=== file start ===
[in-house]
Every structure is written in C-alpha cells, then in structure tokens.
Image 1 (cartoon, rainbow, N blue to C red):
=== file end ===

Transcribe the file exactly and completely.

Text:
[in-house]
Every structure is written in C-alpha cells, then in structure tokens.
Image 1 (cartoon, rainbow, N blue to C red):